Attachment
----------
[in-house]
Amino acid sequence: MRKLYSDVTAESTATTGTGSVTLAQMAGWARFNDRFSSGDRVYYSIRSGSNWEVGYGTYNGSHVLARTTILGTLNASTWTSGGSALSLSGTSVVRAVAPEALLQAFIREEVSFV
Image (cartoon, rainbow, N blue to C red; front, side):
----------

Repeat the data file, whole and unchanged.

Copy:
[in-house]
Amino acid sequence: MRKLYSDVTAESTATTGTGSVTLAQMAGWARFNDRFSSGDRVYYSIRSGSNWEVGYGTYNGSHVLARTTILGTLNASTWTSGGSALSLSGTSVVRAVAPEALLQAFIREEVSFV
Image (cartoon, rainbow, N blue to C red; front, side):